King Krule at peace?
The Londoner's third album sees him strike that unique balance between melancholy jazz and post-punk no-wave that is his signature.
A flash of red hair, a sharp face and freckly, pearly white skin: Archie Marshall has proven for a long time that there is often more to people than what originally meets the eye. The ex-teenage baritone who released 6 Feet Beneath The Moon in 2013 and The OOZ in 2017 is now a father. For his third album Man Alive!, King Krule, now 25, has watered down his melancholy.
With more of an emphasis on brass-assisted blues on this more intimate 14-track-long opus, the Londoner (exiled to the countryside) displays his unique, previously-plaintive voice, which now soothes (The Dream), reverberates (Supermarché), feels lighter (Theme For The Cross) and still adolescent at times (Please Complete Thee). There are fresh moments, such as when he sings about his daughter on the floating Airport Antenatal Airplane alongside a Nilüfer Yanya sample.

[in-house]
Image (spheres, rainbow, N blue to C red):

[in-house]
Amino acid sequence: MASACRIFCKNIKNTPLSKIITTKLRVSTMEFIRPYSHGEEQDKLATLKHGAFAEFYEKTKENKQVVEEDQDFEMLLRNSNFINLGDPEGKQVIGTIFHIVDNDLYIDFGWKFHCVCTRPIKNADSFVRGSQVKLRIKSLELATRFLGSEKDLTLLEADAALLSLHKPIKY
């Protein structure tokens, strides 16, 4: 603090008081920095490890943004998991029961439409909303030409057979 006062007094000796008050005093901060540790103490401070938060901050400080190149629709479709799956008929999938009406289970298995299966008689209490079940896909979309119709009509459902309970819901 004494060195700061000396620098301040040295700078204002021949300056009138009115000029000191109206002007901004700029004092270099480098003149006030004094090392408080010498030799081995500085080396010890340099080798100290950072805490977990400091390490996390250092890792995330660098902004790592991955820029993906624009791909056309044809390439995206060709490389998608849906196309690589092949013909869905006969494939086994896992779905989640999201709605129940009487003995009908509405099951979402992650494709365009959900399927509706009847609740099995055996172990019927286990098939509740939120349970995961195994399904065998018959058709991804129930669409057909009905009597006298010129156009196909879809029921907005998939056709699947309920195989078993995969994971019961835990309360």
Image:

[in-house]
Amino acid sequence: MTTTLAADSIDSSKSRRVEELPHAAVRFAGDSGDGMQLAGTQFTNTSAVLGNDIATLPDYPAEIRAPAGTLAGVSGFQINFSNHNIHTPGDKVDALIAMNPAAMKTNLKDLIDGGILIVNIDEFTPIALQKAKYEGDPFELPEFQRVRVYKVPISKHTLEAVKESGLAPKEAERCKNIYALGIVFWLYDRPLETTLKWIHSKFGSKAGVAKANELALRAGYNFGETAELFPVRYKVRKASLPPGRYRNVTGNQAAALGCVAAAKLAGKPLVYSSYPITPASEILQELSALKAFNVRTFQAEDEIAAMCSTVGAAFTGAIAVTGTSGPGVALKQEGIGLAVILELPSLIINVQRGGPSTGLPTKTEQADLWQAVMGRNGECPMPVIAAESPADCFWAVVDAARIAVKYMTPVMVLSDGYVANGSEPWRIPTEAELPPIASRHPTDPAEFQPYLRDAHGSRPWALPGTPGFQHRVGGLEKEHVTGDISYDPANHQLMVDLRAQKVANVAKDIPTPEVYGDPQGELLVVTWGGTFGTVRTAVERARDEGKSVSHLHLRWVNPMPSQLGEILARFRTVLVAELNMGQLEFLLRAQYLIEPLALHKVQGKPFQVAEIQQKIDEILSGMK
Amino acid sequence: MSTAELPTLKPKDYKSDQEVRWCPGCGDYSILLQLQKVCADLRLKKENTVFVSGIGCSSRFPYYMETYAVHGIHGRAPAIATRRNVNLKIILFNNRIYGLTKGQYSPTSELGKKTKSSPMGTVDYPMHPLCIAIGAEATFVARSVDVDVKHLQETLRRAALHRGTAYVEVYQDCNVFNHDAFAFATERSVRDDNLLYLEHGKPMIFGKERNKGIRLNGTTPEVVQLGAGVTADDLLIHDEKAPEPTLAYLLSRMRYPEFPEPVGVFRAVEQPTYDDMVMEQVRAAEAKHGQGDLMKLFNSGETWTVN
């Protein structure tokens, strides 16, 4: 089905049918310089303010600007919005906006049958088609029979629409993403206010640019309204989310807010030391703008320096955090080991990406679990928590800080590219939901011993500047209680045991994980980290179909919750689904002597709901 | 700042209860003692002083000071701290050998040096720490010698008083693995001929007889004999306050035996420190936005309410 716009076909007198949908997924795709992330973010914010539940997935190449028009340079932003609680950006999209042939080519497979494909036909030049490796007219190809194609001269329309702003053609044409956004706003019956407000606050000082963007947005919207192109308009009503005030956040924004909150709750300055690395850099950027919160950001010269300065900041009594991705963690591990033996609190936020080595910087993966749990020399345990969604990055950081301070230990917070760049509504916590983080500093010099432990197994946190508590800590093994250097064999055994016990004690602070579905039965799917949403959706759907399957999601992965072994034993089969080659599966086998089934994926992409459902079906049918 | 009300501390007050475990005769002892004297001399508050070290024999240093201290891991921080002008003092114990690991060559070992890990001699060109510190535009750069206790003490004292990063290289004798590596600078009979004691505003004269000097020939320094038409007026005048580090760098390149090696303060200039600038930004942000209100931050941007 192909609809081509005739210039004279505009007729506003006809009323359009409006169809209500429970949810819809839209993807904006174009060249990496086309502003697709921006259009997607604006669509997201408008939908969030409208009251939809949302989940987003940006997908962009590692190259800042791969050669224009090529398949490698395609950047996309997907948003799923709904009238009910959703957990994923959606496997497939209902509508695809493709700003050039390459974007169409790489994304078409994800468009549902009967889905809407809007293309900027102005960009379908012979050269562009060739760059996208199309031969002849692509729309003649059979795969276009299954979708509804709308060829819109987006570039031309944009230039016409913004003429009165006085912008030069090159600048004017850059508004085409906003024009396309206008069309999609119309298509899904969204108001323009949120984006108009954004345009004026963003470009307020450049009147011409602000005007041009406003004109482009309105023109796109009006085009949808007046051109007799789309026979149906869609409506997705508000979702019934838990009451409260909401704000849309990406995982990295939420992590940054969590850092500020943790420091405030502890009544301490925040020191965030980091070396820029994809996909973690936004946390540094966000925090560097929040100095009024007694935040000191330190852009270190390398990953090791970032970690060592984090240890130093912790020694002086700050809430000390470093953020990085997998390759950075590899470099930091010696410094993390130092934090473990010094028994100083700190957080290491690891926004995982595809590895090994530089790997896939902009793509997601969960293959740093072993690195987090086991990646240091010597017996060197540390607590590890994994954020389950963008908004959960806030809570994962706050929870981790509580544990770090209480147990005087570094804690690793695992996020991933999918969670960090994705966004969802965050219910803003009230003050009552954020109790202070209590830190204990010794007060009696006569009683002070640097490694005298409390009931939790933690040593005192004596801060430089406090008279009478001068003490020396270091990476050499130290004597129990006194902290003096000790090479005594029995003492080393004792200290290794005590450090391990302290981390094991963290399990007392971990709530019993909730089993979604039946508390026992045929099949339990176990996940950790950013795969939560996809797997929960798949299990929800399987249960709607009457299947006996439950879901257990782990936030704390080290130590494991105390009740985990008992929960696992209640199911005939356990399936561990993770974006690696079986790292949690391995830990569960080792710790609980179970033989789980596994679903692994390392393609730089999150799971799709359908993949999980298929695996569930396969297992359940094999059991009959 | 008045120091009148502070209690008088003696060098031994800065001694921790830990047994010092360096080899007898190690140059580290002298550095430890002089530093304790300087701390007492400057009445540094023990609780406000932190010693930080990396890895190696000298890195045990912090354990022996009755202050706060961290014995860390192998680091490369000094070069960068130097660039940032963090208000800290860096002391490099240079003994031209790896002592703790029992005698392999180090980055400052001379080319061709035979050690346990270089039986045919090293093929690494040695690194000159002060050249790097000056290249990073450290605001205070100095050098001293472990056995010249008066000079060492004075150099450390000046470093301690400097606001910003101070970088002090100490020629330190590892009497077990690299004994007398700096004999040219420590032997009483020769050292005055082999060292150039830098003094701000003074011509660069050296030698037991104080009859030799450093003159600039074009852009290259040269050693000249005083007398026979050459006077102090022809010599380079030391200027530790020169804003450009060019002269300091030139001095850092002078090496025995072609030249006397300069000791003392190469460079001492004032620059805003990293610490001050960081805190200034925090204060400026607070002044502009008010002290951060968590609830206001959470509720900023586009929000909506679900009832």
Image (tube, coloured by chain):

King Krule infuses various aspects to sculpt these forty minutes of relaxed no-wave: rugged flow, jagged saxophones (Stoned Again) and searing punk intensity (Comet Face). Anxiety finds inner peace.
“I see beauty everywhere. I knew it was there but now I understand it”. Co-produced by Dilip Harris, Man Alive! was recorded at night, just like its predecessors, between London and Stockport. A massive album which will undoubtedly blossom on stage as well.